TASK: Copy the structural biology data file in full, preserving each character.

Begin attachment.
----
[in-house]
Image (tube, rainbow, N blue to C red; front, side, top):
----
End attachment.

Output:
[in-house]
Image (tube, rainbow, N blue to C red; front, side, top):